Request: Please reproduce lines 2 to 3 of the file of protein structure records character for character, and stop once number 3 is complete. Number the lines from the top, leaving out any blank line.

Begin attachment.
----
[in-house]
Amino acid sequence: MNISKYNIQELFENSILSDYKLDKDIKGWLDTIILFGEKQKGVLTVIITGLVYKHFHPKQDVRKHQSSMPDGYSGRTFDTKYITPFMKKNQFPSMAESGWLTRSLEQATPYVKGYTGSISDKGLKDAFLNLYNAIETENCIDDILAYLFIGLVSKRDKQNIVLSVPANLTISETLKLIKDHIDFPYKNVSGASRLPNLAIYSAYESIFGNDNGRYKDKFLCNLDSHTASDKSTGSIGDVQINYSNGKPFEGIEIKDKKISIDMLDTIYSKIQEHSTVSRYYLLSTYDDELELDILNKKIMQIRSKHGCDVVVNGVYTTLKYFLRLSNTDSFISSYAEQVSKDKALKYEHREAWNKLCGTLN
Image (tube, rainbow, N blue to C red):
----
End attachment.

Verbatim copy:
Amino acid sequence: MNISKYNIQELFENSILSDYKLDKDIKGWLDTIILFGEKQKGVLTVIITGLVYKHFHPKQDVRKHQSSMPDGYSGRTFDTKYITPFMKKNQFPSMAESGWLTRSLEQATPYVKGYTGSISDKGLKDAFLNLYNAIETENCIDDILAYLFIGLVSKRDKQNIVLSVPANLTISETLKLIKDHIDFPYKNVSGASRLPNLAIYSAYESIFGNDNGRYKDKFLCNLDSHTASDKSTGSIGDVQINYSNGKPFEGIEIKDKKISIDMLDTIYSKIQEHSTVSRYYLLSTYDDELELDILNKKIMQIRSKHGCDVVVNGVYTTLKYFLRLSNTDSFISSYAEQVSKDKALKYEHREAWNKLCGTLN
Image (tube, rainbow, N blue to C red):